Out of the rubble of Trent Lott’s house – he’s lost his entire house – there’s going to be a fantastic house. And I’m looking forward to sitting on the porch.

This was before Bush made any comment about the plight of tens of thousands of ordinary, mostly black American families, who pretty much lost everything during the disaster and who were floundering because the government agency responsible for managing disaster responses, FEMA, had been hollowed out by spending cuts.

So whilst the elites may be able to temporarily buy their way out of trouble during a disaster, this is not much comfort for the world’s poor. The right wing position is, therefore, morally repugnant since it demonises people, especially in areas most effected by climate (and thus, drought, famine, disease and war) for being in a situation they did nothing to create and over which they have no influence.

And in developed countries, the antipathy towards tackling climate change is the same disregard that motivates efforts to reduce welfare, carves out public services, bestows dismal employment rights, seeks to privatise education and imposes social segregation based on income, faith or race. Yet, as Sandy and Katrina show, it doesn’t take much for a First World country to creak at the seams. If catastrophic events like this happened every month, wealth or no wealth, we’d all be staring into the abyss and the inevitable breakdown of society.

It’s deeply ironic, therefore, that our ability to rebound from the increasingly violent disasters that occur is impeded because the same people who deny climate change are breaking down the ability of government and the state to respond effectively. Only government on the biggest and most visionary scale can relocate millions, build levees, transport resources to where they are most needed and, crucially, legislate rapid changes in certain kinds of energy use.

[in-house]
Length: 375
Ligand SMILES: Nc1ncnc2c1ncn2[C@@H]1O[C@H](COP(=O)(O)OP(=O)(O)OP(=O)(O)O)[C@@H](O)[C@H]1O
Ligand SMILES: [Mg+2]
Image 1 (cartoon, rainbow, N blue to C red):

This is an irreconcilable dilemma for the right. If the free market is destroying the planet and if its values and behaviours are wrong, then it has lost the argument on how best to organise society.

In short, the conservative world view is obliterated. Greed is not good. Greed is actually killing us.

See Also:

One of the best summaries of why so many right wingers lose their marbles over this subject is the opening chapter of Naomi Klein’s superlative ‘This Changes Everything’. There, in a handful of pages, she pretty much destroys the intellectual scaffolding that holds together the conservative position on global warming.

Cultural Cognition as a Conception of the Cultural Theory of Risk – Dan Kahan et al and the Cultural Cognition Project at Yale Law School

“Covert Operations – The billionaire brothers who are waging a war against Obama” – Jane Mayer ‘New Yorker’,  30th August 2010

Climate Change Denial Books and Conservative Think Tanks: Exploring The Connection “American Behavioural Scientist” 57 (2013), Brulle, R.J